Not as bad as reported

It was interesting to read this in a story from the BBC on a report by the Green Alliance:

The report ... also shows that 6.29% of the electricity used in Wales comes from renewable sources – lower than the UK average of 7.45% and way behind Scotland's 22.45%.

BBC, 30 August 2012

The report itself is available from this page, and is all a bit too glossy for my liking. However there is a separate document which shows how they did their calculations, and this is the relevant table from it:


Both Wales and Scotland export electricity; but GA have done the maths in such a way that a proportion of electricity generated in Wales and Scotland from renewables is accounted as being used in England and Northern Ireland.

They start with net electricity generated, and rightly make a percentage allowance for transmission and distribution losses (on average 7.5%). So far so good. But they then indulge in some mathematical sleight of hand by compounding this with the electricity Wales and Scotland export. The effect is to reduce the percentage figure from renewables for exporters of electricity like Wales and Scotland, but increase it for importers of electricity like England and Northern Ireland.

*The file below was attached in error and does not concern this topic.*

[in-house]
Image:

Therefore Wales' electricity generation from renewables gets reduced by 31.1% instead of 7.5% (it's slightly less, but the UK average figure will do), Scotland's gets reduced by 27.6% instead of 7.5%, England's gets reduced by only 2.6% instead of 7.5% and NI's actually increases by 21.7% instead of reducing by 7.5%.

This is not exactly wrong, for electricity is electricity no matter how it has been generated. But it masks the overall picture, which is that England and NI are consuming electricity that has been disproportionately generated from renewable sources in Wales and Scotland, making their renewable figures look better at our expense.

It would be clearer to say that Wales' 1,621 GWh/yr should be reduced by only 7.5% for transmission and distribution losses to 1,499 GWh/yr, i.e. that the electricity we generate from renewables accounts for 8.45% of the electricity we consume rather than 6.29%. The equivalent figure for Scotland would be 28.67% instead of 22.45%. But for NI the figure would be 8.34% instead of 10.98%, and for England it would be 4.87% instead of 5.12%.

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Why look abroad?

I was struck by the sagacity of this observation by one company in Swansea, as reported in the Western Mail on Thursday: